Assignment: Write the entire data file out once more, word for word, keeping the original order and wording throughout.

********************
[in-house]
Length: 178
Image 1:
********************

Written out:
[in-house]
Length: 178
Image 1: